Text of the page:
One of our goals at WordTree Foundation is to make it easier for anyone with an interest in literary archeology to dive in and test hypotheses. If that’s you, the ngrams command-line tool is something you can use to compare n-grams within books to see if small portions of any two (English) books overlap.
The basic idea is this: if two books (or authors) were inspired by a common source, or if one book (or author) was inspired by the other, then there is likely to be some unusual words or phrases that “stand out,” statistically speaking.
The ngrams tool is a very fast implementation of an ngram counter. It’s written using the Rust programming language, which is known as one of the fastest, safest languages in today’s language ecosystem. It takes ascii encoded text as input, cleans it up, iterates over windows of size N (for whatever value of N you want—e.g. 4 is a reasonable window size), and then counts the N-grams.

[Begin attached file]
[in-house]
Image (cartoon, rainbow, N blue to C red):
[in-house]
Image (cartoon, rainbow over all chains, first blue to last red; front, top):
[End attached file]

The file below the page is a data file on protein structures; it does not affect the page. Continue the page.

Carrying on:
client / server mode you can query for n-grams that match between two or more books.
If you’re curious, this tool is similar to the TextGrams.jl tool we previously published, but uses less memory and therefore can load a larger baseline into memory on a single machine.
See the ngram-tools github page for usage details.